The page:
A good restaurant loo is, more often than not, a solid indicator of how successful the operation is as a whole. The best restaurateurs leave nothing to chance, understanding that the complete experience of dining out, including one’s mandatory trip to the washroom, should be of a consistently high quality. Four-ply toilet paper, luxury hand wash and creative design are all good signs — below is a list of our favourites for you to look into.
Aqua Restaurant Group is known for its restaurants up high, with flagship Aqua Hong Kong on floors 29 and 30 overlooking the city’s iconic skyline and famed harbour. Its London outpost — Aqua Shard — is set on level 31 of the highest building in western Europe and follows this formula to the tee, offering a dining room with a view and contemporary British fare. The views from the loos are just as spectacular — ladies can wash their hands while soaking in London from above, while gents can relieve themselves with the same stunning vista.
Aqua Shard, Level 31, 31 St Thomas Street, SE1 9RY
Bringing yet another classic French brasserie into London was a risky move by famed New York City restaurateur Keith McNally, but one cannot resist Balthazar London’s retro-style spectacle juxtaposed with its continental comfort fare. Located up some elegant black marble stairs, the toilets provide a quiet haven from the cacophonous crowds below. Enjoy a few moments of calm in a roomy cubicle before freshening up with some French hand wash and lotion by L’Occitane.
Balthazar, 4-6 Russell Street, WC2B 5HZ
Turn of the century Paris is the inspiration behind the bar and dining area at this brasserie in Lower Clapton, which serves French and Belgian classics in a darkly atmospheric setting that features wall-mounted taxidermy animals and restored stained glass features. Head downstairs to the toilets though, and you step straight into Jack the Ripper’s London — the distressed-look male and female loos come complete with Victorian plumbing, marine lamps salvaged from the HMS Prestige, and a ghostly soundtrack of chants and whispers. Undoubtedly some of London’s most theatrical lavatories, they are not for the faint hearted.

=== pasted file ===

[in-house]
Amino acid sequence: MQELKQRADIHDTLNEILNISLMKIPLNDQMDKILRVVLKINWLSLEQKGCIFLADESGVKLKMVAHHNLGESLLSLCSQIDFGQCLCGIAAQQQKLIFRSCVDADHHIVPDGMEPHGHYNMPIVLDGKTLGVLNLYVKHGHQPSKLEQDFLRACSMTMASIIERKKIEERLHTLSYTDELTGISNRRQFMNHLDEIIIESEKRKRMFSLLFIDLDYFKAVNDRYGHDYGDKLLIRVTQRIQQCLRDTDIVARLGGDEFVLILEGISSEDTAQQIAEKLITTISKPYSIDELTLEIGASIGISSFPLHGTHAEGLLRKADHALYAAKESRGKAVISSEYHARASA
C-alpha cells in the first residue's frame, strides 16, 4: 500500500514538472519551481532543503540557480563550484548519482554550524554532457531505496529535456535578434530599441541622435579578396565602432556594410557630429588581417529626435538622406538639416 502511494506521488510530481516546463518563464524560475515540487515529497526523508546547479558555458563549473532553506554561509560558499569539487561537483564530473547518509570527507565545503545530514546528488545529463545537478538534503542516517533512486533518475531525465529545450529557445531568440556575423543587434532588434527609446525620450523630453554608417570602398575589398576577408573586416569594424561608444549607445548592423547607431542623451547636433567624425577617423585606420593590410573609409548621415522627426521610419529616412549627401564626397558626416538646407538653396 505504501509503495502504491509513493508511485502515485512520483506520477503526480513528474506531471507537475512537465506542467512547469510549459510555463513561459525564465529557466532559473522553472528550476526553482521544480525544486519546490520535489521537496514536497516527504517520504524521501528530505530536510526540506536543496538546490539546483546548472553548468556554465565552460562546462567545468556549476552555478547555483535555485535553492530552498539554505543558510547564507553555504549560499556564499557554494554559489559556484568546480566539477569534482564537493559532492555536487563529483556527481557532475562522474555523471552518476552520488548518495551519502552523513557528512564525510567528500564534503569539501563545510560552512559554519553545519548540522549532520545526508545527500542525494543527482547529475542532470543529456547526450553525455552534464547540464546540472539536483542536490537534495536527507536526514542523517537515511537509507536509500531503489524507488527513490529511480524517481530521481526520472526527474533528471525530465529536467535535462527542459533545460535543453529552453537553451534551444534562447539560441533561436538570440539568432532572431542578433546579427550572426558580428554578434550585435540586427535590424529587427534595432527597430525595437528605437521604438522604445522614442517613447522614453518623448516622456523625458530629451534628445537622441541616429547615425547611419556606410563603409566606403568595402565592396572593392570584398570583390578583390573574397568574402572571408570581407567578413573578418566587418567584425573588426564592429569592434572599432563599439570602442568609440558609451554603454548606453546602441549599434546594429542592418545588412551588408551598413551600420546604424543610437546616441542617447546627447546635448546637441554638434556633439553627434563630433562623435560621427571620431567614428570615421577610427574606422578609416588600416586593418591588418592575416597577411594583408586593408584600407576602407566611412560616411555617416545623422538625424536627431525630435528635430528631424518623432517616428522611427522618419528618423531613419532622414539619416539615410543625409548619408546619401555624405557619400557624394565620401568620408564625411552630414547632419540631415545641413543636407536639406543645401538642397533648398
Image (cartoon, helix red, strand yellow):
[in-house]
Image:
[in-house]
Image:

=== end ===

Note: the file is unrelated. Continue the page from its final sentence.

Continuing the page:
The Bonneville, 43 Lower Clapton Road, E5 0PQ
China Tang at The Dorchester
Stepping into China Tang is akin to waking up in an Art Deco parlour, complete with opulent chinoiserie furniture and Chinese art. Take a right turn at the bottom of the stairs and wander into equally decadent washroom facilities where you can relieve yourself in a number of spacious private cubicles while listening to a genteel recital of Coleridge’s Rime of the Ancient Mariner. Finish off with Floris hand wash and dry your hands with embroidered napkins before returning to some moreish Cantonese cooking.
China Tang at The Dorchester, 53 Park Lane, W1K 1QA
Across the Thames from the Shard, a different, but equally impressive, set of washrooms with a view can be found at Jason Atherton’s tallest restaurant in town. Deep in the heart of London’s financial district, City Social sits 24 floors up inside Tower 42, offering Atherton’s modern take on British comfort food to diners while they enjoy the bustling City from above. Like the rest of the customer-facing space, the toilets are on the outer edges of the floor, so you can take in the spectacular views no matter where you are in the restaurant.